3638. Buoyancy Effects on Mass Properties Analysis


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J G Montgomery: 3638. Buoyancy Effects on Mass Properties Analysis. 2015.



This research project is designed to determine the effect of buoyancy on the weight of a specimen during final mass properties testing. The hypothesis is that the mass of the air displaced by the spacecraft is significant enough to warrant consideration during these tests. Also considered were the effects of the air displaced by the material that comprises the object being weighed, and the mass difference between a load cell standardization weight and the specimen under consideration.
To demonstrate these effects a test specimen was weighed in three different configurations. These configurations were open top, closed top and helium filled. It was demonstrated that there is a measurable difference between the first two configurations and the last configuration.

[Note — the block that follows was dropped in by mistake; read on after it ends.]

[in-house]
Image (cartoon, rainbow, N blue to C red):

These buoyancy effects are not very relevant to objects that stay in the atmosphere. However, these effects should be considered when testing specimens that are to be used in space or very high altitudes. There will be buoyancy effects everywhere, but in the case of objects that leave the atmosphere, or go where there is a measurable pressure difference, there will be some measurable effect. These effects should be taken into account during mass properties final testing.
The results of the experiment showed a definite weight decrease when taking the buoyancy effects into account. The helium filled configuration weighed less that the open top and closed top configuration. This demonstrates a measurable effect of the displace air from inside the experimental vessel.
The goal of any final test in mass properties is to determine the mass at the highest accuracy possible. Some of the uncertainty can be reduced by taking into account that the propellant system will take up more volume than any other system due to the air displaced by the tanks. We can also reduce some of the uncertainty by factoring in the amount of air displaced by the volume of material in the spacecraft. Load cells are calibrated with this in mind, however they do not consider the material that the spacecraft is made of.


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